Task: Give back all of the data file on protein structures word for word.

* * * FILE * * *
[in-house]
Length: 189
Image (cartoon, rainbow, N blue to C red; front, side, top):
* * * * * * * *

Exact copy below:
[in-house]
Length: 189
Image (cartoon, rainbow, N blue to C red; front, side, top):